WASHINGTON – The White House on Wednesday announced it reached a deal with the Senate on a bipartisan $1.2 trillion infrastructure package that has been in the works for weeks and which would represent the most expensive transportation bill in U.S. history.
A vote to move the legislation forward could come as early as Wednesday evening.
“This deal signals to the world that our democracy can function, deliver, and do big things. As we did with the transcontinental railroad and the interstate highway, we will once again transform America and propel us into the future,” President Joe Biden said Wednesday in a statement released by the White House.
The White House said the deal does not include a raise in the 18.4-cent per gallon federal gas tax or a new fee on electric vehicles, proposals that had once been considered to pay for the package.
But the White House was otherwise vague on how to pay for the measure, saying it would be financed “through a combination of redirecting unspent emergency relief funds, targeted corporate user fees, strengthening tax enforcement when it comes to crypto currencies, and other bipartisan measures.”
In addition, the White House said some of the bill would be paid for through “the revenue generated from higher economic growth as a result of the investments.”
The compromise clears the way for a procedural vote as early as Wednesday evening on a key piece of Biden’s agenda to modernize not just roads and railways but broadband and waterways.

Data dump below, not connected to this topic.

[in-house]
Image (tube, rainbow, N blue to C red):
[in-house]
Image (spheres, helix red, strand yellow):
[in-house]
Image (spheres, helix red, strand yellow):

Senate Majority Leader Chuck Schumer, D-N.Y., said Wednesday that senators should be prepared to take up the bill “as early as tonight.”
Senators confirmed the deal but were guarded about whether the compromise has enough votes to pass.
“We have a deal … We’re finishing up some language,” said Sen. Kyrsten Sinema, D-Ariz., one of a small group of senators negotiating the bill that would be the single largest measure Congress has considered to improve America’s roads, bridges and railways.
Text of the legislation has not been released.
Some senators said they haven’t decided yet whether to support it. Asked if everyone in the group of 21 had committed to voting “yes,” on the measure, Sen. Joe Manchin, D-W.V., responded: “I think everyone’s working well together.”
But Sen. Mark Warner, D-Va., excitedly told reporters he thinks it’s done.
“I say there’s an agreement and we’re voting.”
Sinema told reporters early Wednesday afternoon that negotiators are working on a couple of small matters involving broadband and transit funding provisions “but we do expect to move forward … We’re very excited to have a deal.”
Portman and Sinema are among the 21 centrist senators – 11 Republicans and 10 Democrats – who have been trying to reach a compromise since Biden first unveiled his American Jobs Plan in April. But their scope has been around traditional transportation infrastructure, not Biden’s more ambitious proposals to address poverty, climate and economic injustice.
Senate Republicans last week blocked the start of formal debate on bipartisan infrastructure legislation because the bill text and cost weren’t available at he time. This time, GOP senators said enough details about the deal had been agreed to get the ball rolling.
Even if it passes the Senate, the infrastructure bill still faces hurdles in the House.
House Speaker Nancy Pelosi, D-Calif., said Wednesday she needs to see the text before it will get her endorsement, and she reiterated she won’t bring it to a vote unless the Senate also passes a resolution paving the way for a much broader, $3.5 trillion package of infrastructure spending that would include housing, health care and climate change improvements.
That larger bill, unlikely to get a single GOP vote, would have to pass through a budget process known as “reconciliation” which would allow Democrats to approve it without having to overcome a filibuster in the Senate.